We jointly owned outright, a modern three bedroomed detached house. This was possible due to each of us having a few thousand pounds compensation money when we married in 1968. As my wife had never tended to the needs of the two children since their birth (due to her illness), it was agreed that they would be better living with me when we separated. In return for exercising the care and custody of our children, I agreed to my wife’s request to legally sign over my half of the matrimonial home to her. Unless I wanted a contested custody hearing before the Domestic Court, my wife insisted that the transfer of my half of the matrimonial home was an essential condition of the separation agreement between us. The children were to stay with my wife until I could secure a modest property in the locality where we would eventually live; a time anticipated to be approximately one-month maximum.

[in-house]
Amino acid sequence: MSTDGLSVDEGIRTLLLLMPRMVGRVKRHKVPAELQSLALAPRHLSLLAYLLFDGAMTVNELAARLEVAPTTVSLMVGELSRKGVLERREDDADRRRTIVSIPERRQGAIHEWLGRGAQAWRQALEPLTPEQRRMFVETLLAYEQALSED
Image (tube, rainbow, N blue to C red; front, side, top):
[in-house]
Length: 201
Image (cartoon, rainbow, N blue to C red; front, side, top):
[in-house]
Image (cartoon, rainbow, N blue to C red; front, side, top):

Totally trusting my wife to honour our agreement, I acquiesced to her demands. No sooner had I legally signed over the house to her, she reneged on our agreement. She refused to allow me custody of our two children and she prevented me having any access to or communication of any kind with the boys for two years. She didn’t allow me seeing them, talking to them on the phone, writing to them or even looking over the school wall as they played in the playground. The latter was easy for her to enforce as she was an infant teacher at the school they went to (she was their class teacher). Any letters I sent to my sons were returned unopened and any birthday or Christmas presents I left them on the doorstep on their birthday or Christmas was binned by their mother and the boys never received them or knew I'd sent them.